The only real consensus among this sample is a complete ban on companies involved in the production of landmines or cluster munitions. Both are outlawed in many countries following international treaties signed in 1997 (landmines) and 2007 (cluster munitions), indicating that ‘banned’ lists can be a combination of screening and actions against individual stocks.
In North America, public exclusion lists are less common. The Canada Pension Plan Investment Board’s approach is more typical, as outlined in its annual report: “Rather than solely voting with our feet and excluding companies from our investment portfolio based on ESG factors, we work to promote positive change by working with companies on ESG issues that we believe are material to our investments.”
“We might be willing to give up some performance and walk away to avoid a long-term capital loss.”The California Public Employees’ Retirement System and California State Teachers’ Retirement System (CalSTRS) use screens to remove sector or regional risks, such as those associated with the tobacco industry and with companies exposed to Sudan and Iran.
The two pensions also screened out gun manufacturers in 2013 following the Sandy Hook Elementary School shootings in December 2012—although CalSTRS’ divestment efforts were hampered by a private equity partner’s stake in Remington Outdoor.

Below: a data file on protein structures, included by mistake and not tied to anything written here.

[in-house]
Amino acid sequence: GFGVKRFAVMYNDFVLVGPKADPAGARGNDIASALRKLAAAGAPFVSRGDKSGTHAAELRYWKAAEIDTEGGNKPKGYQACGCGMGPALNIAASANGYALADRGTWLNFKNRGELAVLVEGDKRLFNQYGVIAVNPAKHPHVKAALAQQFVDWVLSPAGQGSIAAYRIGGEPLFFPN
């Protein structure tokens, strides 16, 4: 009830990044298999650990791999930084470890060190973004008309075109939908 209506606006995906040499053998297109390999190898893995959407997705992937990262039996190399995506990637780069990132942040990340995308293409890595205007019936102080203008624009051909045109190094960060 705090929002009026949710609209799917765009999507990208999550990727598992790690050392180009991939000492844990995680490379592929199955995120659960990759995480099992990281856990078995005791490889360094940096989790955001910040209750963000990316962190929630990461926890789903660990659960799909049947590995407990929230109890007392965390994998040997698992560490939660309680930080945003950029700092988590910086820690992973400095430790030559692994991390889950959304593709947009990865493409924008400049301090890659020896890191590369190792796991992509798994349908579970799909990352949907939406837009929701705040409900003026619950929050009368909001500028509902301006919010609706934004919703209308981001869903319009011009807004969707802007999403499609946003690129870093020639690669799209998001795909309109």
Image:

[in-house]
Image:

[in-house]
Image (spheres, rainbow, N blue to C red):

Set in the above context, one more banned stock is unlikely to worry many people.
Academic evidence seems to indicate that NBIM’s actions—and the decisions of other investors to divest—can prove a positive boost to performance, however. Research by Camilla Stenström and Jessica Thorell of the Stockholm School of Economics in 2007 reported just such a finding.
“In the [global] portfolios, the exclusion of the unethical companies leads to superior performance in all markets,” the authors noted.
“Investors should carefully investigate the screening method and fund management of [socially responsible] fund investments as they seem to have an effect on the fund performance,” Stenström and Thorell added. They endorsed the “norm-based” screening practised by many of the asset owners mentioned here “as it seems to lead to superior fund performance.”
But for the anonymous UK head of research, such quantitative screens don’t always help, whether for individual stocks or groups of companies. Sometimes, it pays to go with your gut.
“People were scarred by Volkswagen,” he said. “We looked at it and didn’t like the governance—there was something wrong. Sometimes you can’t put your finger on the issue. We didn’t see the emissions scandal coming but we felt something was not right there.”
Regardless of what the analysts say, the research chief argued it is simply a case of whether the investor is being paid to take the risk of an unpleasant event further down the line.
“Part of it is being willing to take a long-term view,” he concluded. “It would be very hard to look at all these issues and be certain that they are going to have impact in the next quarter. We might be willing to give up some performance and walk away to avoid a long-term capital loss.”
The report from NBIM’s Council on Ethics on its exclusion of ZTE Corporation is available on the council’s website.
Related: Divestment as Abdication